And six for Haliclona digitata, and five for Ichneumon varius. A couple of the duplicate entries are synonyms for other species, which is understandable, but most are the "accepted name". Shouldn't there just be one Pimpinella dioica? By my count there are 3068 species with two or more "accepted name" entries in the 2014 database. Where do these duplicate entries originate? Do they serve a purpose or are they errors?

Probably a question for catalogueoflife.org forums, but they don't seem to have any discussion area, so seeing if anyone here can answer.


2 Answers 2


While any large database may have errors that can lead to multiple entries (sensu har-wradim's answer), I think most of the multiple entries detail the taxonomic history associated with that species. Your link to the sponge Haliclona digitata provides a clear example. First, dismiss the H. digitata (Schmidt, 1862) entry. As clearly stated, it is a synonym for a different species of sponge, Tedania anhelans.

The remaining entries are all links to various homonyms of H. digitata. Skimming through the World Porifera Database entries (via the "Online resource" links), provides the necessary information. Lendenfeld's use of Chalinorhaphis is the original description. It is the senior homonym, meaning the specific epithet (digitata) has precedence over junior names. The junior names include Adocia digitata (Baer) and Gellius digitatus (Koltun). It was probably Tanita & Hoshino that transfered digitata to the genus Haliclona but I cannot verify this without seeing the article.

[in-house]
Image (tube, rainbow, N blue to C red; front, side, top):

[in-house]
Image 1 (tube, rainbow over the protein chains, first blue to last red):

The taxonomic history can also be tracked for Ichneumon varius, but the linked databases don't hvae as much detail as the Porifera database for H. digitata. Still, it suggests that the description by Pontoppidan in 1763 is the senior homonym, and the subsequent uses by Cuvier, Gmelin and Muller are junior homonyms.

This is also what I think har-wradim is alluding to for Pimpinella dioica. Unfortunately, the Umbellifer database seems to have little detail in this regard.

The Catalogue of Life provides a convenient mechanims to begin a thorough search for the taxonomic history of a species.


This is because Catalogue of life is a database created and maintained via consulting other, taxonomically narrower databases. This leads to propagation of the original inaccuracies and introduction of new ones during the process of data transfer.

In the case of Pimpinella dioica, for example, the information was imported from the World Umbellifer Database. If you search there for "Pimpinella dioica" you get a list of names, only one of which is explicitly labeled as synonym (by Linné, the same one as in CoL). CoL interpreted this situation as if others were accepted as valid, BUT this was not the case: all other records are marked as "provisional" and most of them actually contain information about probable synonymy in "Comments".

Moreover, in the description of World Umbellifer Database the one can learn, that the database guarantees accuracy principally for generic names only.


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